For Lucy Hatch and Ash Farrell, life in Mooney, Texas, is slow, simple and quiet. After three months, they are solidly, passionately in love. Lucy has a job at a flower shop; Ash works as a handyman during the day and a country-western singer at night. They are exploring their new life together, confident that everything will stay fresh and wonderful. How are they supposed to know that their lives will undergo a drastic upheaval in only one morning?
That upheaval arrives in the form of Ash’s fourteen-year-old daughter Denny, a lonely, insecure, and uniquely gifted child he has not seen since she was little. After being abandoned by her shrewish mother, Denny is left in a small town with a father she barely knows and the stranger he lives with. She struggles to reconnect with a man she only has vague memories of, and who she finds she has more in common with than either of them expect.
In this character-driven coming-of-age story, it's quickly apparent that everyone has a secret in small-town Texas, and that the seemingly tranquil burg has a dark side that we all like to pretend doesn’t exist. Marsha Moyer’s follow-up to her debut novel, The Second Coming of Lucy Hatch, is quiet and poignant, and has a strong tie to real-life that made me forget I was reading a piece of fiction. I grew up in a small town and know many of the characters, even if they go by different names, and while it may sound boring to cityfolk, the depth of character development and the style of writing make this book both captivating and memorable. The entire work is told in first-person, but the voice switches, with obvious clarity, between Lucy and Denny.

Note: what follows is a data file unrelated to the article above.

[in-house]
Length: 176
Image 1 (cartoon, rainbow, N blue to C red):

The first three chapters are a tad slow and I had to plod through them, and the ending wasn’t exactly what I had hoped for, but everything in between was very much worth my time. It kept my attention, caught my emotions, and forced me outside to find the first book. I can’t wait to read it; if it’s half as good as The Last of the Honky-tonk Angels, it will be money well spent.